Referring now to FIG. 7, when metal film is deposited in the region between position D and E on the length of the tuning fork arm, as shown by a shaded region 14, with respective widths indicated by arrows 10, 11, 12 and 13, different variations of fF and fT occur as shown by ΔfF and ΔfT in FIG. 8. Therefore, when metal film is deposited on a tuning fork arm with a width across the are as indicated by arrow 12, the decrease in the amount of fF about equals the decrease in the amount of fT. In other words, there exists a width of metal film which when deposited results in a decrease in the value of fF which is equal to decrease in the value of fT. When the position along the tuning fork arm of metal film region 14 is displaced along the length between D and E, there is a new width of film 14 where ΔfF equals ΔfT in the new position. Since Ux decreases rapidly along the length of the tuning fork arm as one approaches position D, the width of film 14 to be added at D where ΔfF equals ΔfT is also small. Conversely, as Ux increases as the position approaches position E, the width of the film region 14 where ΔfF equals ΔfT is also large. Accordingly, the shape of an electrode for adjusting fF may be an inverted triangle as shown by electrode 9 in FIGS. 5 and 6.

Referring specifically to FIG. 8, a graphical illustration corresponding to this description is shown. In FIG. 8, abscissa values 10', 11', 12' and 13', respectively, correspond to widths of metal film corresponding to arrows 10, 11, 12 and 13 in FIG. 7. In FIG. 8, ΔfF and ΔfT show the difference between the frequency after the depositing of metal film having a length of shaded region 14 and the frequency prior to depositing the metal film. For the same reasons, fF and fT can be increased by the same value when metal film is removed by applying a laser beam for adjusting fF. Thus, in order to adjust Δf and fF, Δf may be adjusted by depositing metal film in the vicinity of the end of a tuning fork arm and fF can be adjusted by removal of film by applying a laser beam. Similarly, Δf can be adjusted by applying a laser beam to remove the metal film and fF can be adjusted by depositing metal film.

When making adjustments by removal of metal film by applying a laser beam, it is generally effective to have thickly deposited or plate the tuning fork arm previously with the metal film. This depositing or plating may be done on one or both of the electrodes for adjusting Δf and for adjusting fF in order to make the value of the adjustments larger.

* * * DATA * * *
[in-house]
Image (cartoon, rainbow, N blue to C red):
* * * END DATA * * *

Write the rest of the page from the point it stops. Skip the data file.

Generally speaking, the nodal point D of the first overtone of the flexural mode, f1, exists at the position of about 0.2 from the top of a tuning fork arm, assuming that the length of the tuning fork arm is 1.0. In such a case, it is necessary that electrode 8 for adjusting Δf be disposed in the region of a position about 0.1 to 0.4 from the top of the tuning fork arm and that the electrode for adjusting fF is disposed in the region of about 0 to 0.2.

When adjusting the frequency-temperature characteristic and resonant frequency of a mode coupled tuning fork type quartz crystal vibrator in accordance with the invention, the electrode for adjusting Δf and the electrode for adjusting fF are also disposed on the opposed principal surface of the tuning arm. The reason for this is as follows. The difference in the frequency-temperature characteristics caused by variations in production are illustrated in FIG. 9 wherein the ordinate represents the variation amount (Δ) of fF when the temperature is between about 0 C. and 40 C. The abscissa represents Δf. The dots show data points and Δ is plotted with respect to Δf.

When metal film is deposited on the electrode for adjusting Δf of the -Z' plane of the vibrator having the characteristics of data point 16, the frequency-temperature characteristics change is shown by an arrow 18. When the same operation as just described is performed on the +Z' plane only, the frequency-temperature characteristics change is shown by an arrow 19. When metal film is deposited on the electrode for adjusting Δf of both the -Z' plane and the +Z' plane, the frequency-temperature characteristics varies in accordance with an arrow 20 and results in a Δf of Δf0.

When this same operation is performed on a vibrator having the characteristic of data point 17, and Δf is adjusted with respect to only the -Z' plane the frequency-temperature characteristics changes as illustrated by an arrow 21. Similarly, when only the +Z' plane electrode is adjusted, the frequency-temperature characteristics changes as shown by an arrow 22. However, when both the +Z' plane and the -Z' plane electrodes of this vibrator 17 are adjusted, the frequency-temperature characteristics change proceeds along an arrow 23 and results in a Δf of Δf0.